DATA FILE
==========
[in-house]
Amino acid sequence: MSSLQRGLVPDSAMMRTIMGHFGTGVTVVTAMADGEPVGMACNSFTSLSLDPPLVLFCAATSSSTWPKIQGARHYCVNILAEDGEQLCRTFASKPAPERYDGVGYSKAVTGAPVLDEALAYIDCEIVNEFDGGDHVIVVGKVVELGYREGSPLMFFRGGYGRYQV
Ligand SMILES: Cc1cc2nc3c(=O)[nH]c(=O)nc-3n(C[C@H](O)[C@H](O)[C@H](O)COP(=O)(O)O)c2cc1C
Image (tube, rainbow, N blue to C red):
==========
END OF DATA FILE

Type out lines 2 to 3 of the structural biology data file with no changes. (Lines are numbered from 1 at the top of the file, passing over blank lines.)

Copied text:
Amino acid sequence: MSSLQRGLVPDSAMMRTIMGHFGTGVTVVTAMADGEPVGMACNSFTSLSLDPPLVLFCAATSSSTWPKIQGARHYCVNILAEDGEQLCRTFASKPAPERYDGVGYSKAVTGAPVLDEALAYIDCEIVNEFDGGDHVIVVGKVVELGYREGSPLMFFRGGYGRYQV
Ligand SMILES: Cc1cc2nc3c(=O)[nH]c(=O)nc-3n(C[C@H](O)[C@H](O)[C@H](O)COP(=O)(O)O)c2cc1C